Gevo: Side-by-side operation of Luverne plant on track
Gevo Inc. has reported an update on the progress of the implementation of the side-by-side operational mode (SBS) of its plant in Luverne, Minnesota. In the beginning of June, Gevo commenced the co-production of isobutanol and ethanol, with one fermenter dedicated to isobutanol production and three fermenters dedicated to ethanol production. This follows the company's announcement in May that it had begun production of ethanol. The benefits of simultaneously producing isobutanol and ethanol using the SBS are:
1) It facilitates the process optimization of commercial-scale isobutanol production;
2) It maximizes the utilization of the plant to generate cash by utilizing all the fermentation assets; and
3) It demonstrates the simultaneous production of isobutanol and ethanol, for the benefit of potential licensee partners who are interested in augmenting the fermentation capacities of their ethanol plants to co-produce isobutanol.
"The implementation of the SBS is tracking to our plan and validating the underlying premises for switching to this mode of production. Operating all the assets of the plant has aided us greatly in solving issues that were impeding the ramp-up of isobutanol using one fermenter in isolation, specifically the consistent management of infections and the handling of recycle streams and solids," said Patrick Gruber, Gevo's CEO.
The following are some of the key results achieved thus far:
- Successfully produced isobutanol at initial run rates of tens of thousands of gallons per month in a commercial-scale one million liter fermenter (in line with previous guidance);
- Isobutanol yields have reached greater than 90 percent of target based on starch content, up from approximately 70 percent prior to running SBS;
- Reduced isobutanol batch cash costs by greater than 25 percent since beginning SBS, with a clear path towards targeted economic rates;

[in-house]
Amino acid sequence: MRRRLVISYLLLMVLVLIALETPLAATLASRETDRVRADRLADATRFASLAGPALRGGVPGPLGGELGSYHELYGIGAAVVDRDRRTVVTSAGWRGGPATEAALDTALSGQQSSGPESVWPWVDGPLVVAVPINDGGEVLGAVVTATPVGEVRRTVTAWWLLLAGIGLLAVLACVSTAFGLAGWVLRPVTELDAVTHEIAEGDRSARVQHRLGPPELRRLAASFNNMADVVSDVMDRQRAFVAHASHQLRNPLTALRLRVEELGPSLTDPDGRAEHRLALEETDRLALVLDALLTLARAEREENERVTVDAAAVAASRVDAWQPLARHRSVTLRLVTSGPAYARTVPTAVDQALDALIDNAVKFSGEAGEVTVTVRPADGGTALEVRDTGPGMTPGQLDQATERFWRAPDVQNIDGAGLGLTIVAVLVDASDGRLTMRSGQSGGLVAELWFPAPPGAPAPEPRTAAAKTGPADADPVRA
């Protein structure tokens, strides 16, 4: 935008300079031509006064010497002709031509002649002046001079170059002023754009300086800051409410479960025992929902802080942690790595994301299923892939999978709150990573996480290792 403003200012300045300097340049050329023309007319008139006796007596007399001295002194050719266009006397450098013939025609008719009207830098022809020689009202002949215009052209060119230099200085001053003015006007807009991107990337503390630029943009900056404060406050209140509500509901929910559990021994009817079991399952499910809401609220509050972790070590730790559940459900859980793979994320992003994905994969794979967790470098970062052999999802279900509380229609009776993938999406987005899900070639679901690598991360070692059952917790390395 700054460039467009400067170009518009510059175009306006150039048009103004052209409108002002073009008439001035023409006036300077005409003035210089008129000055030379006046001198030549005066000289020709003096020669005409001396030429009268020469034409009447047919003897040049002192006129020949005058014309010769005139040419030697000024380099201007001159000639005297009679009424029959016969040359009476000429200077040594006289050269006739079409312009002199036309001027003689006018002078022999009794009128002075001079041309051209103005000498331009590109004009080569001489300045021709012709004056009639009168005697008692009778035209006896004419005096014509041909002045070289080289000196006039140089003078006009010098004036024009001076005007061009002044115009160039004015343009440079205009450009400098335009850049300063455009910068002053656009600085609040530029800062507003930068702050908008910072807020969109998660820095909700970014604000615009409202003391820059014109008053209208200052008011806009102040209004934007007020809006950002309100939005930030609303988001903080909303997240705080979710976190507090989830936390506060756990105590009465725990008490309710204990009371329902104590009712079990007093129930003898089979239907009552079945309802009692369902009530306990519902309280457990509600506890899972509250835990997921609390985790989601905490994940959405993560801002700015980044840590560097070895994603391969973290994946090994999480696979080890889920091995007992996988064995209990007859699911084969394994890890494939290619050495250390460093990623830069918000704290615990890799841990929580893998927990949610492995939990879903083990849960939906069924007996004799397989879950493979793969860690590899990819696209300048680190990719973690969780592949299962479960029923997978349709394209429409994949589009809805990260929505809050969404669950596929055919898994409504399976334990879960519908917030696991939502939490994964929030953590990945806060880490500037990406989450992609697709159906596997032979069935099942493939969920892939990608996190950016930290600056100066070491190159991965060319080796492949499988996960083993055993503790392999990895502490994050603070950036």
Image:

- Produced and sold IDGs (animal feed from isobutanol production);
- Achieved 100 percent recycle streams (up from 90 percent), while consistently producing sterile mash, controlling infections and growing isobutanol producing yeast;
- GIFT continues to work as designed (controlling the concentration of isobutanol to desired levels in the fermentation broth, by removing and collecting the isobutanol for further downstream processing); and
- No yeast cross-contamination from the ethanol system.
- Produced ethanol at a run rate of approximately 1.5 million gallons per month (above previous guidance of 1.25 million gallons per month);
- Generating revenue of more than $3 million per month at Luverne; and
- No yeast cross-contamination from the isobutanol system.
"By operating in the SBS we have been able to mitigate the recycle, infection, solids handling and plant operability issues. It is satisfying to see that our yeast and GIFT technology work well at commercial scale. Our yields and costs have improved very quickly. And while we have more work to do, I am pleased with our overall progress and look forward to continuing to increase the production levels of isobutanol at the plant. By running the SBS we have dramatically reduced our cash burn at the plant and we are targeting breakeven at Luverne by year end," continued Gruber.
"In addition, we are very pleased with the United States District Court's recent decision to stay the patent litigation involving U.S. Patent Nos. 7,851,188 and 7,993,889 that was scheduled to begin on July 21, 2014. This decision should significantly decrease Gevo's legal costs for the foreseeable future. Taken in combination with the improved cash flow profile of the Luverne operations in the SBS, this should dramatically decrease our overall corporate burn going forward.”